Aug. 1 (UPI) -- Scientists have uncovered the mechanism behind gamma-ray bursts, intense flashes of high-energy radiation originating from space.
The first gamma-ray bursts were observed by the Vela satellites, a constellation of space-based satellites designed to monitor nuclear testing and ensure the Soviet Union's compliance with the 1963 Partial Test Ban Treaty. Today, several satellite systems are dedicated to recording gamma-ray bursts.
In recent years, scientists have succeeded in tracing the powerful bursts to their origins. Long gamma-ray bursts are produced by the death and collapse of massive stars, while shorter gamma-ray bursts emanate from neutron star mergers.
Despite the revelations, astronomers remain puzzled as to how exactly gamma-ray burst radiation is produced. But as a new study recently revealed, clues are emerging.
Earlier this year, the gamma-ray detector onboard NASA's Neil Gehrels Swift satellite recorded an especially strong gamma-ray bursts, which scientists traced to a galaxy located 4.5 billion light-years away. The discovery of GRB 190114C prompted scientists to swing the MAGIC telescope in Spain toward the burst's location. MAGIC measured extremely high energy photons emanating from the distant galaxy.
The ultra-high energy TeV photons, recorded after the gamma-ray burst's peak, during the afterglow phase, were 10 times more energetic than the previous record for most intense post-burst photon emission.
By combining the photon observations with observations of lower energy X-rays by the Neil Gehrels Swift satellite, scientists were able to identify the mechanism behind the gamma-ray burst. Scientists determined the burst's radiation was produced by a relativistic jet moving at the speed of light in the direction of Earth.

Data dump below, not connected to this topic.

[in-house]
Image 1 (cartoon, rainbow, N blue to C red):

More specifically, the gamma-ray burst and high-energy photons were produced by what's known as the "inverse Compton mechanism," whereby extremely fast moving electrons -- accelerated to high speeds by the relativistic jet -- collide with slower-moving photons. The collision bumps up the energies of the photons.
Scientists detailed their latest discovery this week in the Astrophysical Journal Letters.
"MAGIC has found the Rosetta stone of gamma-ray bursts," Tsvi Piran, an astrophysicist and professor at the Hebrew University of Jerusalem, said in a news release. "This unique detection enables us for the first time to discriminate between different emission models and discover what are the exact conditions in the explosion. We can also understand now why such radiation wasn't observed in the past."
As scientists detect more and more gamma-ray bursts, each time, using an array of telescopes to interpret the burst and its aftermath, they expect to gain further insights into the mechanisms behind the cosmic phenomenon.